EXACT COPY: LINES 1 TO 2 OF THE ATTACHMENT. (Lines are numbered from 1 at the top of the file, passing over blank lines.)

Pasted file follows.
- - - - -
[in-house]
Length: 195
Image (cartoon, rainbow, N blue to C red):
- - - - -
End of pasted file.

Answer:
[in-house]
Length: 195